What is one strategy that has helped you grow your business? Please explain how.

Learning from others who have been through it before has been essential to growing ALICE. First time founders (like myself and my co-founder, Alex) often think they know it all, but we both readily admit we don’t. We know we can learn a tremendous amount from other entrepreneurs, whether they’ve been successful with their startups or not, and we have and continue to use their insights to avoid as many mistakes as we can.

What is one failure you had as an entrepreneur, and how did you overcome it?

One of the hardest things we’ve dealt with as founders was losing our first customer. It felt like the end of the world. But eventually we realized that not everyone can share the same vision for ALICE we have and that we need to find the early adopters who embrace our solution and grow that way.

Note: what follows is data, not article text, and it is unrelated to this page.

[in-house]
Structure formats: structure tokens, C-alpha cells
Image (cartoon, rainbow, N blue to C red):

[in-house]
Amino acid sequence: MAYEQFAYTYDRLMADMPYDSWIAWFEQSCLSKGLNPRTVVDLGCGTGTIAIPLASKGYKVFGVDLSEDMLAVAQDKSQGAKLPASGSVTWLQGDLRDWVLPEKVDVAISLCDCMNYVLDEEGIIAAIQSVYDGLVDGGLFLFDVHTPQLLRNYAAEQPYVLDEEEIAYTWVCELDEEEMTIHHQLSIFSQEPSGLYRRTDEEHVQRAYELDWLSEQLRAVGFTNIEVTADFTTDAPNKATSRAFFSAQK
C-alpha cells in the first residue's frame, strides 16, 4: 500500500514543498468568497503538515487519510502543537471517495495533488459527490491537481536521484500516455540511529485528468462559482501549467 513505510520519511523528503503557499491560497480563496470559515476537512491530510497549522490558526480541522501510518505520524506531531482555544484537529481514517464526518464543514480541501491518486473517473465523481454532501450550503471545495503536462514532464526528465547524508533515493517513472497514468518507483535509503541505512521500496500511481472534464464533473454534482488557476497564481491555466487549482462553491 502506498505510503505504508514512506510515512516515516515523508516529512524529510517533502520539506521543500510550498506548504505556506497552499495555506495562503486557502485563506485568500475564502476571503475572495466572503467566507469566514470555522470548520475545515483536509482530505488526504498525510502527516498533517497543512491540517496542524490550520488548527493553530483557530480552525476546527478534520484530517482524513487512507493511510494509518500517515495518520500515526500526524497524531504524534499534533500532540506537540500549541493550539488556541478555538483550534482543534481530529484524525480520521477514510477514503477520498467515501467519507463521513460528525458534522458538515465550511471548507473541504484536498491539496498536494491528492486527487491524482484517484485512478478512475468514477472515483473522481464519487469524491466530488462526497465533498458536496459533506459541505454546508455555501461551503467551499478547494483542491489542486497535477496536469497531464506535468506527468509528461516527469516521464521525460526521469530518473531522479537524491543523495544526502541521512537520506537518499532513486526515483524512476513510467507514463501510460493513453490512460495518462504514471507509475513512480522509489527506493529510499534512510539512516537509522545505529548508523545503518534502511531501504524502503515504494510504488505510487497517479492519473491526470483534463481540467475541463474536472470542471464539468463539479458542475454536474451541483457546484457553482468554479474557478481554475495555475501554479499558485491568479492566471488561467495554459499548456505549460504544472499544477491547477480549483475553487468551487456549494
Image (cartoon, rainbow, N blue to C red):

What is one business idea that you’re willing to give away to our readers?

If you can find any entrepreneur willing to give away his ideas, let me know!

What is the best $100 you recently spent? What and why?

A client of ours wanted to try out ALICE but didn’t have the budget to buy an Android device to test the app, so we lent them one of ours (roughly $100). They wound up falling in love with our solution and found a way to increase their budget to implement ALICE and buy devices for their entire team.

I’ve also probably spent around $100 on candy since Dylan’s Candy Bar opened a store around the corner from our office last month. I’d also consider that $100 well spent.

What software and web services do you use? What do you love about them?